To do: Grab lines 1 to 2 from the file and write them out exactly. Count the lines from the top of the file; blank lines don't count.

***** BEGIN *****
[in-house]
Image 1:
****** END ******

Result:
[in-house]
Image 1: